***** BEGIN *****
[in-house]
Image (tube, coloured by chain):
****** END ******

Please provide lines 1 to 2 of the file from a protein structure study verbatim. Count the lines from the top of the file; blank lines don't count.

[in-house]
Image (tube, coloured by chain):